“I like it a little because last year they got to do it on whatever they want they could even make a game”

“I love working with other people but my group members muck around and we never get our work done”

“I’m enjoying the freedom of doing whatever you like but I not enjoying it because I’m falling behind, so to fix that problem you should give us more time.”

“We can use our own creative talents and we can make it our own project. Also we can do it with who ever we like and be fun and creative with it. Plus it is easier to learn what you’re interested in!”

“I like doing Genius Hour because I take more control of my learning and I like doing Genius Hour because it challenges me.”

Students were then asked to rank their agreement on the following statements:

Genius Hour makes me happy Strongly Disagree 0%

Disagree 2%

Neither Agree or Disagree 20%

Agree 52%

Strongly Agree 25%

Genius Hours inspires me to try something new Strongly Disagree 0%

Disagree 1%

Neither Agree or Disagree 9%

Agree 57%

Strongly Agree 33%

Genius Hour challenges my thinking Strongly Disagree 1%

Disagree 1%

Neither Agree or Disagree 15%

Agree 52%

Strongly Agree 31%

I feel energised during Genius Hour Strongly Disagree 0%

Disagree 5%

Neither Agree or Disagree 32%

Agree 43%

Strongly Agree 20%

Doing Genius Hour is useful for me Strongly Disagree 0%

Disagree 3%

Neither Agree or Disagree 25%

Agree 52%

Strongly Agree 19%

I am bored during Genius Hour Strongly Disagree 41%

Disagree 44%

Neither Agree or Disagree 13%

Agree 2%

Strongly Agree 2%

Genius Hour is interesting for me Strongly Disagree 0%

Disagree 0%

Neither Agree or Disagree 14%

Agree 52%

Strongly Agree 34%

I want to do well during Genius Hour Strongly Disagree 0%

Disagree 0%

Neither Agree or Disagree 6%

Agree 36%

Strongly Agree 58%

I care about my work and efforts during Genius Hour Strongly Disagree 0%

Disagree 0%

Neither Agree or Disagree 6%

Agree 41%

Strongly Agree 53%

I am “in the zone” during Genius Hour Strongly Disagree 2%

Disagree 3%

Neither Agree or Disagree 41%

Agree 41%

Strongly Agree 14%

I use my time effectively during Genius Hour Strongly Disagree 0%

Disagree 3%

Neither Agree or Disagree 19%

Agree 57%

Strongly Agree 20%

We also collected data from teachers in other year levels on the Open Expo day, as we thought it might be useful to seek from teachers external and independent to the year level:

 

“There was a wide range of projects that reflected the children’s interests and ability.  The children that I spoke to were able to talk about the reason why they chose their particular area so I was able to see the purpose behind it. I enjoyed looking at the journey, not just the finished product.  I also noticed that for some students the journey will continue.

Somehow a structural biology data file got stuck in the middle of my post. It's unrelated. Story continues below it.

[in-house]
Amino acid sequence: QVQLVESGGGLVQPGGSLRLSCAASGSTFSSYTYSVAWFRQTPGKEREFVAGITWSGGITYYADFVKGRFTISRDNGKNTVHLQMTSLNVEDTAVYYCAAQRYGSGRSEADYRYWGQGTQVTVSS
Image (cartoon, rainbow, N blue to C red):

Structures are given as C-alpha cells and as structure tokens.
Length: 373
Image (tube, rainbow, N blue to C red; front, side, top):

No matter how big or small the project was, all students were very proud to showcase their work and get feedback from their family, peers and teachers.”

“What an incredible celebration of creativity and imagination! The students appeared excited by their chosen field and proud of their accomplishments. They seemed to be more willing and able, this year, to discuss their work with depth and clarity. I was very impressed by the students’ use of trial and feedback to test and refine their work before showcasing it.”

“I was very impressed with the level of research and how well some students explained their research topic. The students were very engaged and very enthusiastic to show off their designs and outcomes.”

“A brilliant Genius Expo that showed imagination has no limit. It was a privilege to witness the journey (struggles, failures, successes. breakthroughs, frustrations…) and to experience the destinations. Not only was the learning and skills that were gained evident, self esteem of all the participants oozed from their presentation sites regardless of whether they had achieved their goal. Visible learning in action! Strong, focused leadership! And the Google Hang-out…so cool! Hope all of our school got to see it.”

“The time and effort the students put in was evident in the depth of their work. There was a genuine knowledge and passion coming from the kids about their chosen topics. It was very clear the children had control over the development of their projects and it was great to see a wide range of topics and interests investigated. No two projects were the same. I think it agave our 3/4’s something to aspire to, they came back inspired, with open eyes excited to tackle their own inquiry.”

Whilst there have been some positive gains in light of the teacher and student data, we feel there is still room for improvement.

 One of the key principles of Genius Hour is for students to make a meaningful impact on their wider community. Whilst some students appear to have the correct intention and motivations, we feel that on the whole students were not following through with their impact. After designing a graphic to assist students to reflect on their intended impact, it was clear that most students genuinely wanted to have a reach far beyond what they achieved but required assistance to do this.

Moreover, as highlighted by the student survey, they are some negative feelings towards Genius Hour. We feel that this could be a barrier to engagement and motivation if we are not effective in communicating the process or ideas behind Genius Hour for all students.

Design Thinking is a relatively new process and concept for the team but it has certainly made an impact. From a teacher standpoint, it has promoted critical and creative thinking that has improved the quality of the inquiry process.

Further resources

Term 2 Projects

Term 2 Hangout

Term 4 Projects

Term 4 Hangout